invent/discover new cognitive technologies in the "number as cognitive
technology" sense is a good one.

On that note, I feel like there's a little of the Ithkuil philosophy
in Rick Morneau's decomposition of verbal semantics, and that does
constitute a form of cognitive technology; even if it's not nearly as
extensive as in Ithkuil, having a regular derivational system is a
good way to guide one's thoughts into new areas of semantic space,
which is especially helpful for conlangers trying to avoid a relex.

It also reminded me of Blissymbolics- someone going and using your
language in ways you hadn't imagined/intended- so I was glad to find
that that connection was not missed in the article. Although, unlike
Charles Bliss, I think you're on the sane side the divide.

-l.

P.S. "ašţal" is my new favorite word. :)





Messages in this topic (9)
________________________________________________________________________
________________________________________________________________________
5a. Re: contrafactual morphosyntax
    Posted by: "Anthony Miles" mamercu...@gmail.com 
    Date: Tue Dec 18, 2012 5:15 pm ((PST))

In Siye the sentence "If I were you, I wouldn't do that" is "le pepu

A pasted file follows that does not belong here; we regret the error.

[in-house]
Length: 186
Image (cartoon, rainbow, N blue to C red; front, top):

lekimpukimesum, le eki me elenupumusu." The -sum ... -su marks "if ... then". 
Since -su indicates "then" in an "if ... then" construction, the more 
explicitly counterfactual "elenumekusu" is probably used to intensify the 
clause. The sentent "If I were you, I would not have done that" changes 
"elenupumusu" to "elekepunusu" due to a suppletive verb (nu > ke) and a change 
from imperfective aspect to perfective aspect (-m- > -n-). 





Messages in this topic (5)
________________________________________________________________________
5b. Re: contrafactual morphosyntax
    Posted by: "Ian Spolarich" mouton9...@gmail.com 
    Date: Tue Dec 18, 2012 7:08 pm ((PST))

>
> How do you handle contrary-to-fact conditions and conclusions in your
> conlang(s), such as "If I were you, I wouldn't do that"?
>
Well, Adranik has a conditional mood for "if-then" statements:

Ge gez né kän ge sla ećad.
/jɛ jɛz nej ken jɛ slɑ 'ɛcɑd/
1sg.nom not that.sg do-1sg.npst 1sg.nom 2sg.acc 1sg.npst-conditional.npst.sg
(lit.) I that wouldn't do, I you am.
"I wouldn't do that, if I were you."

Adranik places the "then" statement before the "if" in a sentence. So it
basically uses a conditional plus a negative clause.

I'm not sure if that was exactly what you asked for, though.





Messages in this topic (5)